The Whigs' last stand

April 09, 1991|By Peter Kumpa CO : On Maryland History

WHIGS were on the march. Whigs were riding in on horseback. Whigs were hauled in by ox carts. They sported Harrison badges and buttons, sold their Harrison almanacs and waved buckeye canes and huge kerchiefs. Barrels of hard cider refreshed the revelers.

Baltimore was awash with Whigs. Their cries of "Tippecanoe and Tyler, Too!" clashed with band music and the cheers of the people. Newspapers estimated the crowd on May 2, 1840, welcoming the national convention of Whig Young Men, at 100,000, equal to the population of the city. Baltimore had never seen such a mob.

But Whigs? What sort of creatures were these? A decade earlier, no one had heard of Whigs.

In the center of the swarming Whigs was John Pendleton Kennedy, lawyer, novelist, politician and the founder of Baltimore Whiggery. He had happily voted for Andrew Jackson for president in 1828. He had expected the general and wealthy cotton planter to be a conservative, a nationalist and an expansionist. An 1830 Jackson veto of Kentucky turnpike improvements alarmed Kennedy. When Jackson declared war on the United States Bank, Kennedy leaped into opposition.

On April 23, 1834, at a mass rally at Monument Square on Calvert Street, Kennedy called for the formation of a Maryland Whig Society. With some 10,000 cheering him on, he declared that "the great and glorious Whig principles that worked out the Revolution and gave political liberty and independence to this land are awake again."

The name Whig was the short form of Whiggamore, a Scottish band that marched to Edinburgh in 1648 to oppose the court party. The Whigs emerged as the party aimed at limiting royal authority and increasing parliamentary power in Britain.

Now Kennedy in Baltimore and others all over the country were forming into local groups to oppose what they considered was another tyrant, Jackson, whom they called "King Andrew the First." The new party was put together from disparate and conservative elements. Henry Clay and Daniel Webster were its idols.

Whigs were the party of property and business. Kennedy supported a central bank, a protective tariff, internal improvements funded by the federal government, as well as distribution to the states of proceeds from Western land sales. Running as a Whig, Kennedy lost a 1937 congressional race but won a special contest a year later.

As a political party, the Whigs proved to be a transitory phenomenon. Though they could brag of notable national figures, they repeatedly embraced popular generals for presidential candidates. In their first election, 1836, they tried three White House candidates, Gen. William Henry Harrison, Hugh L. White and Daniel Webster, each running in different regions. The idea was to win enough electoral college votes to combine them for one candidate, or else throw the election into the House of Representatives. It didn't work.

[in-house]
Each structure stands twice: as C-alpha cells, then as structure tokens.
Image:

With Harrison leading their ticket, they did capture the White House in 1840. And it was a Baltimore editor, James H. Cox of the Republican, who inadvertently supplied the Whigs with their magic slogan. The editor had sneeringly suggested that Harrison, an ancient warrior known only for his 1811 victory over the Indians at Tippecanoe, would be better off staying with his log cabin and barrel of hard cider.

Harrison died only a month into office. John Tyler of Virginia, placed on the ticket to lure Southerners, proved to be a Whig killer. He vetoed the core of the Whigs' program, tariff protection and a central bank. The Whig cabinet resigned. A "Whig Manifesto" written by Kennedy read Tyler out of the party. Kennedy wept as he wrote that the affair showed "a history of baseness, falsehood, privation and hypocrisy on the part of Tyler unmatched in history."

The upset of Henry Clay in the 1844 White House race was another disaster. Kennedy, for his part, failed to win a U.S. Senate seat. The pro-slavery advocates in the Maryland legislature hooted him down.

In 1848, another military hero, Gen. Zachary Taylor led the Whigs to their second and last presidential victory. He, too, died in office. Millard Fillmore succeeded but somehow did not appoint Kennedy, his old friend, to any post until 1852 when he made him secretary of the Navy.

With the end of the Fillmore administration, the Whigs went into decline. Their presidential candidate in 1852, Gen. Winfield Scott, was trounced. The final convention was in Baltimore in tTC 1856. The last platform was weak, as usual. The candidate, Fillmore, carried one state -- Maryland.

Without a party, Kennedy trying more grand tours of Europe. Back home, he took a dislike to the new and wealthy upper crust of Baltimore. "Bores," he called them, men unfamiliar with literature and good taste. Kennedy wrote appeals to keep the union together, broke with his Virginia cousins over the impending war. His last appearance publicly was to defend the Republican party and the new industrial society. But he was too old and too tired for any active role and faded away as quietly as did the Whigs.

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